Everyone knows the saying, "Behind every great man, there's a great woman." Well, in Conjure Wife, the great woman is a witch, and her great man doesn't know that. And it's worldwide: all women are witches, and they either know of or practice witchcraft.
Here's the gist:
One day, feeling good and taking a moment to reflect on his life, Norman Saylor, a professor of sociology at Hempnell College, begins to ponder his successes, one of which he considers his wife, Tansy. How did I ge...more
I found the writing clever. I was transplanted into the cutthroat world of college politics. Who knew that the wives could be just as fierce as their faculty husbands? And that they would resort to sorcery and witchcraft to keep their husbands (and themselves by relation) in power? Things get pretty nasty!
I think that there is some...more
Norman Saylor is a s...more
After I finished with the Fafhrd and the Gray Mouser adventures, I wanted to try something not 'sword & sorcery' by the author. Conjure Wife has been recommended to me as a good example of his more modern work, and indeed it is quality proof of Fritz Leiber versatility. This one is a psychological thriller with strong horror elements. The poet who sang of heroic deeds and exotic landscapes is still present in the elegant prose and powerful atmospheric scenes of tempest and nights in the ce...more
The professor of a small college discovers that his wife is practicing magic.
He's disgusted that his wife, superstitious and flighty as she is, would do such a thing and orders her to immediately discontinue her practices.
Unfortunately, he does not consider that there could have been benefits associated with her charms.
I enjoyed the book very much despite the prejudices against women. Since this book was published in the 50's, I guess that type of thing is par...more
A little disturbing for a guy to read....
However I liked it quite a lot. It caused me to read Our Lady of Darkness...a more complex book , but with an inferior story I believe. This one is just better "story-telling".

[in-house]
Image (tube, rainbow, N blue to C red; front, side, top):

I found the story catching me quickly and pulling me along toward the climax. Imaginative and a...more
I may have overlooked something here (I was often rather tired w...more
This is a mistake Norman will soon live to regret as his comfortable life begins to unravel. See, it seems that Tansy wasn’t the only one practicing witchcraft and the grasping wives of Norman’s colleagues at the college have been practicing as well. Now, what with the protections ceasin...more
Then, in one instant of diabolic, paralyzing insight,he knew that this was sorcery. No mer...more
First of all I think Leiber is an excelent writer. No doubt about it. But the plot suffered for what I call TimeLife. Maybe there is a term for it but I do not know it. My thoughts are these. Reading today in 2013, with hundreds of novels of urban fantasy avaiable this book fails to achieved it's goal. It's like most...more
Norman Saylor is that most-rational of men: the staid, college professor. He leads a relatively quiet life as an ethnosociologist at Hempnell College, a stereotypically conservative liberal arts school in New England. His wife, Tansy, is young, vivacious, and bit of a cipher for the other professor's wives in his social circle. If he's not well-liked by the other Hempnell faculty, he at least has their respect; though he secretly holds many of them and...more
"Oh, it was a wonderful day all right, one of those days when reality becomes a succession of such bright and sharp images that you are afraid that any moment you will poke a hole in the gorgeous screen and glimpse the illimitable, unknown blackness it films; when everything seems so friendly and right that you tremble lest a sudden searing flash of in...more
All women, it turns out, are witches, using the dark arts to help their husbands, and protect them from other women's evil magics.
There is a slightly sexist element to the tale, but no more than Lady Macbeth reflects badly on womanly ambition. Ultimately this is a very entertaining story, up there with Rosemary's Baby for social satire and a wickedly dark sense of humour.
My only reservation would be that...more
One interesting aspect that I’ve noticed in this novel is that the story is very sexist and misogynistic. The Conjure Wife is...more
One of these days I will have to sit down and figure out how many books I have chosen to read because of movies I've seen, and how many authors I have finally understood and enjoyed because I saw a movie made from the book first. Conjure Wife is one of the former since I didn't know that there was a book upon which the movie Burn, Witch Burn, which I first saw many moons ago, was based.
Earlier this week when I read that Conjure Wife was indeed what the movie was based on, I had to read the book....more
I absolutely loved this story and managed to tear through it in a couple of hours. It i...more
I liked parts of this a lot, but there were things that didn't make sense. Tansy knows her magic is real, so why does she give it up so easily? When she disappears one morning, how is it possible for Norman to receive a letter...more
This is the third time I've read this book, and I keep coming back to it, appropriately enough, because of the first scene. It's a bright, balmy Spring day and ethnologist Norman Saylor is...more
Anyway since I read it I ask myself: Does women have secret magic abilities?